A while ago we ran a series of video Q&A’s where we invited questions about money. By far and away, the most asked question was, “why do my partner and I always argue about money?”
If this is you, you’re not alone. The money argument isn’t the exception in a couple’s relationship, it’s far more common than you might think.
It’s said that money talks and yet talking about money remains one of life’s taboo topics. Research by the Commission for Financial Capability NZ found more than half of people don’t talk to their significant other about money.
The astonishing revelation was that 29% believing it’s not an acceptable topic of conversation!
Sadly, around 75% of relationships break ups are caused by money related issues. So, all the more reason to get your ‘stuff’ together and get on to building a happy life together.
We frequently meet couples that don’t talk about money
While winter is becoming a distant memory, the Covid lockdown that we (Auckland, NZ) are currently in prevents us from really enjoying the new freedom that spring brings. Which can mean that fuses are a little shorter. So, it’s an easy transition from not talking about money, to arguing about money.
Why is this? Well, sometimes the ‘money’ arguments are really about money, but sometimes money arguments are a symptom of other issues within the relationship. This is because we are emotional beings, and we easily attach meanings and emotion to money that really has nothing to do with 1+1=2.
There are many assumptions around our roles in the relationship that quite often can remain buried until something happens. Whether you’ve lost your job or won the lottery, it will all come bubbling up to the surface.
It may seem the argument is about money, but it may well be about who ‘wears the pants’ in the relationship. Or about trust (or lack of it) or any of a myriad of other emotions that are part of being in a relationship.
We bring our own personal beliefs about money into our relationships.
Your beliefs and behaviour about money come from your Money Personality, which is a behavioural pattern typically relating to your spending and saving but also include attitudes to money. In a relationship it is not unusual that your individual Money Personalities clash. But by understanding how opposing types can be complementary in a relationship, you will become a stronger team.
Maybe you are a Spender and believe that debt is fine and it doesn’t matter if you don’t pay the credit card bill off each month. After all money, is there to be enjoyed!
Whereas your partner may be thrifty and believe that money is to be saved and not frittered away on ‘stuff’. If you don’t have the money in the bank, you don’t spend. For Savers money is more about bringing safety and stability.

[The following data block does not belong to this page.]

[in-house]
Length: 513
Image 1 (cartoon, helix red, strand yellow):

With the right attitude and mindset, you can grow in your understanding of each other’s financial needs and strengthen your relationship in the process. What you don’t want to do is simply assert your point of view.
How do you resolve these differences so you can live in harmony?
A bit of common sense, really. Talk about it!
If you haven’t discussed your different views about money and found some middle ground, you will most likely have conflict.
The best way to not argue about money is to take the time to have the ‘money conversation’. Decide who is going to run the household finances. How you are going to structure your income (joint or separate bank accounts) and what your financial goals are and how are you going to achieve them.
To resolve your differences and/or to make you both stronger as a team, you really have to understand what your partner’s Money Personality is and how that relates to yours.
Understand that your Money Personality is a pattern of current behaviour, it doesn’t define you for life. It simply gives you a starting point to work from and will change as you adapt to new thinking.
The classic case with couples is where one is a Spender and their partner is a Hoarder. The Hoarder may influence (restrain) the Spender’s behaviour and the Spender may convince the Hoarder to free it up a little.
At different times in your life and depending on circumstances, you will likely see more than one Money Personality type in yourself. Your Money Personality is rarely just the one type, the majority of us are a blend of two or three.
To find out what your Money Personality is, take our quiz and find out right now.
Money Mastery is what we all aspire to. Unfortunately, most people either don’t know how to get there or aren’t willing to do the work to find out.
Spend some time together and reflect on what you want from life and whether your current behaviours bring you closer to that goal. I promise you; this is truly rewarding exercise.
If you are struggling with how to manage your money or how to talk to you partner about money then drop us an email or click on this link to find a day and time that suits you to have a chat with us – it’s completely free.